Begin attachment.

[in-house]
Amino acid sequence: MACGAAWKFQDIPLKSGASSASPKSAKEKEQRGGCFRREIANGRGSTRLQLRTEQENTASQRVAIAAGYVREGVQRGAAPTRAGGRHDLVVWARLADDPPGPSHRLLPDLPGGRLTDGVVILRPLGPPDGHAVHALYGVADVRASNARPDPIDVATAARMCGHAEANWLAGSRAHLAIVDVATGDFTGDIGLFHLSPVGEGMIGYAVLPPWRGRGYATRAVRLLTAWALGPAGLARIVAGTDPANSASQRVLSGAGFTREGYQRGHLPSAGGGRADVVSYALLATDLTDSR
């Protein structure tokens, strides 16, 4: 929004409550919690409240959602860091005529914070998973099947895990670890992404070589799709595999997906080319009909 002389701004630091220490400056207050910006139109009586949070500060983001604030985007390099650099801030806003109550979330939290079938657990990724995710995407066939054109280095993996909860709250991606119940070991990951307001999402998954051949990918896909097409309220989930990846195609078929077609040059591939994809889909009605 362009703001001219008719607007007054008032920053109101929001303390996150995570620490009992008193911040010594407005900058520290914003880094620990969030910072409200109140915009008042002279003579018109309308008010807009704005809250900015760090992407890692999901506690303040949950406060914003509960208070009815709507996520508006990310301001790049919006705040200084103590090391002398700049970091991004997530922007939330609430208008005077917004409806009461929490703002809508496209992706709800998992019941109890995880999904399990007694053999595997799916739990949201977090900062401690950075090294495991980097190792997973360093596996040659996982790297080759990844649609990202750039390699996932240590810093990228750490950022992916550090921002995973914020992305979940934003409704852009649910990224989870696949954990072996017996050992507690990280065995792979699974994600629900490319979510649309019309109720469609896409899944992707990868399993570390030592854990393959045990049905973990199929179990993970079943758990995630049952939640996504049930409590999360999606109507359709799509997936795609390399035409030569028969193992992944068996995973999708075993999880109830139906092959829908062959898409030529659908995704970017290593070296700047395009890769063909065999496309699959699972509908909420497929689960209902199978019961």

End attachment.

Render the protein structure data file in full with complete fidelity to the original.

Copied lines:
[in-house]
Amino acid sequence: MACGAAWKFQDIPLKSGASSASPKSAKEKEQRGGCFRREIANGRGSTRLQLRTEQENTASQRVAIAAGYVREGVQRGAAPTRAGGRHDLVVWARLADDPPGPSHRLLPDLPGGRLTDGVVILRPLGPPDGHAVHALYGVADVRASNARPDPIDVATAARMCGHAEANWLAGSRAHLAIVDVATGDFTGDIGLFHLSPVGEGMIGYAVLPPWRGRGYATRAVRLLTAWALGPAGLARIVAGTDPANSASQRVLSGAGFTREGYQRGHLPSAGGGRADVVSYALLATDLTDSR
């Protein structure tokens, strides 16, 4: 929004409550919690409240959602860091005529914070998973099947895990670890992404070589799709595999997906080319009909 002389701004630091220490400056207050910006139109009586949070500060983001604030985007390099650099801030806003109550979330939290079938657990990724995710995407066939054109280095993996909860709250991606119940070991990951307001999402998954051949990918896909097409309220989930990846195609078929077609040059591939994809889909009605 362009703001001219008719607007007054008032920053109101929001303390996150995570620490009992008193911040010594407005900058520290914003880094620990969030910072409200109140915009008042002279003579018109309308008010807009704005809250900015760090992407890692999901506690303040949950406060914003509960208070009815709507996520508006990310301001790049919006705040200084103590090391002398700049970091991004997530922007939330609430208008005077917004409806009461929490703002809508496209992706709800998992019941109890995880999904399990007694053999595997799916739990949201977090900062401690950075090294495991980097190792997973360093596996040659996982790297080759990844649609990202750039390699996932240590810093990228750490950022992916550090921002995973914020992305979940934003409704852009649910990224989870696949954990072996017996050992507690990280065995792979699974994600629900490319979510649309019309109720469609896409899944992707990868399993570390030592854990393959045990049905973990199929179990993970079943758990995630049952939640996504049930409590999360999606109507359709799509997936795609390399035409030569028969193992992944068996995973999708075993999880109830139906092959829908062959898409030529659908995704970017290593070296700047395009890769063909065999496309699959699972509908909420497929689960209902199978019961």